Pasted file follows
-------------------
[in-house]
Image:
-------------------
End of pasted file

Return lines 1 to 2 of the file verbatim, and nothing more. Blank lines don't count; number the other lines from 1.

[in-house]
Image: